As would be no surprise to readers of this blog, I think that international tribunals can play a useful role in international relations. For a tribunal to be effective, though, it needs (among other things) to be perceived as fair. Comprehensive rules of judicial ethics that are enforced by member states would be a step in the right direction.

Krasner Appointed Director of Policy Planning for the State Department

by Julian Ku

Professor Stephen Krasner, of Stanford’s Poli-Sci Dept, has been appointed the new Director of Policy Planning for the State Department. Prof. Krasner is a well-respected scholar of international relations (his most recent book is Sovereignty: Organized Hypocrisy and an excerpt is published here) who will bring even more academic credibility to the post than usual, which has traditionally been held by the egghead-types like George Kennan and Paul Wolfowitz. The purpose of the job appears to be to develop “big-think” approaches to foreign policy like “containment” and “regime change.” Of course, whether anyone listens to the Director of Policy Planning is an open question and depends on the particular administration.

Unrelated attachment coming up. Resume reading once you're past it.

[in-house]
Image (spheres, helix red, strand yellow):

Krasner is not associated with any particular ideological group. He is certainly not, in any sense, a card-carrying neocon (whatever that might mean). His primary qualification for the job, in addition to his obvious and impeccable academic ones, appears to be that he is a former colleague and friend of Secretary of State Rice. Within the world of IR, he is best classified as a “realist” but one who has engaged the other IR schools in a way that has earned their respect. What might a realist perspective say about international institutions and international law? In an interview, Krasner reveals his thoughts about the ICC and international justice (emphasis added):